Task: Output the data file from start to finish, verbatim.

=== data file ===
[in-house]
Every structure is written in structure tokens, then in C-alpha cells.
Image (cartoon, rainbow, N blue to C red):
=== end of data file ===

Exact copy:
[in-house]
Every structure is written in structure tokens, then in C-alpha cells.
Image (cartoon, rainbow, N blue to C red):